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Some rifles from my collection

Article about: St George gets around-he appears on British and Empire gold sovereigns-1931 Perth Mint example (last year they were produced)-he's also very big in Georgia (the Black Sea country).

  1. #21

    Default Re: Some rifles from my collection

    I love the way the Russians called it a "Vintovka Vinchestya", Its just how I'd imagine a Russian saying Winchester.

  2. #22

    Default Re: Some rifles from my collection

    A rare rifle in decent condition-are the sights marked in 'arshins' or metres? As you mentioned the Russians suffered immense attrition in weapons, some of the Winchesters were lost by capture to Austro Hungarian or German forces-this may account for the lack of later property marks-apparently a few survived to be captured in WW2 as well by Germany-by then the sights had been altered to metres from the old arshins.

  3. #23

    Default Re: Some rifles from my collection

    I would suspect arshins, there's no indication that the rear sight has been altered, the font definately doesn't match any of my Soviet rifles, nor are there any of the common Soviet arsenal marks.

    This is a Belgian Mauser M1889/16 carbine in 7.65mm Mauser (often, and incorrectly, called 7.65mm Argentine in North America - Argentina was the 3rd country to adopt it, after Belgium in 1889 and the Ottoman Empire in 1890). Belgium was the first country to adopt the smallbore repeating Mauser rifle, which at this point wasn't much like the familiar German Mauser 98.

    The Belgian 1889 had a sheet metal barrel jacket similar to the German Gewehr 88, a detachable single-column magazine, a small fixed extrator, cocked on closing the bolt and lacked the gas deflecting ring of later models. In short, the only really recognizably Mauser features are the dual front locking lugs and the bolt retaining catch!

    My rifle is also interesting in that it relects the huge losses of Belgium in WW1. The Belgians bled themselves white delaying the German advance in 1914, losing 90% of the country and huge amounts of arms. The 1916 model carbine was an attempt to standardize production instead of the 4 or 5 different carbine models produced before the war. Even more interesting, it was actually manufactured in England, by an arms factory started in Birmingham by patriotic Belgian refuges. Belgian 1889s can also be found made my WW Greener, also in Birmingham, and Hopkins & Allen in the USA, in addition to the familiar Belgian FN and MAE production.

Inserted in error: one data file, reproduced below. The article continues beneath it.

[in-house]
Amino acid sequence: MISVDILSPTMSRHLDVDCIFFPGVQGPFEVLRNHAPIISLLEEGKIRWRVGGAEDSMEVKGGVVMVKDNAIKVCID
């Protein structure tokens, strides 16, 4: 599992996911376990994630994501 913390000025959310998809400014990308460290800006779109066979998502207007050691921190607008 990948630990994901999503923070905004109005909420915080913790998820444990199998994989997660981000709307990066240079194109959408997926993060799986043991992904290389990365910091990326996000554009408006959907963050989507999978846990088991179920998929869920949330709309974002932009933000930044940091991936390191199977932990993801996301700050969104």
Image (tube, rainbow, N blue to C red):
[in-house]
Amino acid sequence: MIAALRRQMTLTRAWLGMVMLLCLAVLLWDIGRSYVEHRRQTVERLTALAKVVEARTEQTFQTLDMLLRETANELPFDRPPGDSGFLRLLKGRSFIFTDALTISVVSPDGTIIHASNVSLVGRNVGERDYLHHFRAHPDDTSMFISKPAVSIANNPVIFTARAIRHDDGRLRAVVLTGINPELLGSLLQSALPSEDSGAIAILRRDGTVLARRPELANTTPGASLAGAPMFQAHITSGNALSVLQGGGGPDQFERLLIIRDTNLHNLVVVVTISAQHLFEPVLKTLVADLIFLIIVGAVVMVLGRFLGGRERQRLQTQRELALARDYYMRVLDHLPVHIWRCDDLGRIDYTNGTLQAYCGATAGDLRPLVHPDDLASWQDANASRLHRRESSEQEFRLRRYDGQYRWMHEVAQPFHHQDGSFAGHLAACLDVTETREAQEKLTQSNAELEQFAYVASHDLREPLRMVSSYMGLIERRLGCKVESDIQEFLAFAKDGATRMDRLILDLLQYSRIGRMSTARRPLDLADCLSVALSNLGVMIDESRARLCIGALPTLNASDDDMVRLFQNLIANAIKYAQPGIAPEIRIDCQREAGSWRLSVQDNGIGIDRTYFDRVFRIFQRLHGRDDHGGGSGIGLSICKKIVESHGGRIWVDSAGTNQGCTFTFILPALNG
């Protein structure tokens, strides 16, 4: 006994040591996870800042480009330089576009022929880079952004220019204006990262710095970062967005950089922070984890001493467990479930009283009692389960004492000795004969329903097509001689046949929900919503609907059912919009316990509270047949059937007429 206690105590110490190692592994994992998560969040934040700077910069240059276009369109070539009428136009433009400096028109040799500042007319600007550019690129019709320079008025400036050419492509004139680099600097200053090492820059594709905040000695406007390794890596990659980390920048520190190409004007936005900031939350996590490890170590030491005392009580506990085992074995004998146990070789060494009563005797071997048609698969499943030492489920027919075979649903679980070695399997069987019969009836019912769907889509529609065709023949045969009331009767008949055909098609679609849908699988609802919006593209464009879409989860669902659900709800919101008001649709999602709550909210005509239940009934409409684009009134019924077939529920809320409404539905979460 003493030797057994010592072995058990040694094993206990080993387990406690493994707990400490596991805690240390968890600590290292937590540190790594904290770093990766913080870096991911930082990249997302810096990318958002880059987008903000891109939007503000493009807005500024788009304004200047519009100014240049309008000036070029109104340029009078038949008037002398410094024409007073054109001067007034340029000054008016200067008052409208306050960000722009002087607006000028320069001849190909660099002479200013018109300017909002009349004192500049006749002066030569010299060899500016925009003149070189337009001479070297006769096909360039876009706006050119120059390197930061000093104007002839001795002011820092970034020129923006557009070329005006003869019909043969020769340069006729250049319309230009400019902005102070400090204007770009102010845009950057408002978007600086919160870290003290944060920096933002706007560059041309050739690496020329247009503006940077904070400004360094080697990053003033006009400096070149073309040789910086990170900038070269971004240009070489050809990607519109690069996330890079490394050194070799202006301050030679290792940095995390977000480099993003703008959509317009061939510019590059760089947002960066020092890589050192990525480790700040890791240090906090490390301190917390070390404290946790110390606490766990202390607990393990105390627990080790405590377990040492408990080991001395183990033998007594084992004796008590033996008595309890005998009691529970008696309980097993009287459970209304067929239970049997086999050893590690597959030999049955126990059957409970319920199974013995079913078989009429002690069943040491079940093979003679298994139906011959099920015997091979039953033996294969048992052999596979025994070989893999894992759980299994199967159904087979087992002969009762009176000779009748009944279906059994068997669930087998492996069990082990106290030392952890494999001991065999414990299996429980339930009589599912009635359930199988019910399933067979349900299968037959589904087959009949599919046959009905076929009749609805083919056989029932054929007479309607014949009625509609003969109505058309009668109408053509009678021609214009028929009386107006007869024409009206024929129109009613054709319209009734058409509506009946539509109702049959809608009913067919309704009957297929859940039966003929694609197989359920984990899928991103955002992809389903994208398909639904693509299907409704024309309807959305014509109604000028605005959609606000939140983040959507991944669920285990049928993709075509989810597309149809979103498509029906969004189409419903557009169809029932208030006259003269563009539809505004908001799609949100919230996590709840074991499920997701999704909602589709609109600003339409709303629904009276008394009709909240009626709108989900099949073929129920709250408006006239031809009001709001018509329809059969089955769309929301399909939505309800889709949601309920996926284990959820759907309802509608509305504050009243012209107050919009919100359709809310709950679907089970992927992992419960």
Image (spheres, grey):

4. #24

    Default Re: Some rifles from my collection

    Quote by Nyles View Post
    This is the newest addition to my collection, a Winchester 1895 Russian Contract Musket, known to the Russians as the Vintovka Vinchestya Obr.1915G. During WW1 the Russian production of the Mosin-Nagant M1891 couldn't keep up with battlefield attrition, so a mission was sent to the US to contract there for liscensed production of the Mosin, which was done with Remington and New England Westinghouse. When the Russians went to Winchester, however, they became interested in their Modle 1895 lever action rifle, which had already been made in a militarised form for the US Army.

    The Russian model differed from the standard Musket (or military model) in the addition to two charger guides to allow for the use of stripper clips. 300,000 were produced and used in WW1, after which they were popular during the Russian Civil War and espescially in Finland during their war of independence. Following this they were exported to Republican Spain during the Spanish Civil War, and most seen in North America have either Spanish or Finn proof marks. Interestingly, this has neither.

    It's a very neat rifle, with a surprisingly smooth action, considering how complicated it is, and probably no heavier than an M1891 Mosin. The lever isn't the easiest to use in the prone position, which probably accounts for some of the lack of success of lever actions in military service after the 1870s. It has a very nice bore and I plan to shoot it at least once!

    Amazing rifles, Nyles. Any chance of getting a shot of the bore on this one? I have never seen these before.

  5. #25

    Default Re: Some rifles from my collection

    Excellent stuff
    Looking for the photo albums of Leutnant Emil Freitag, 3. / G.R. 377

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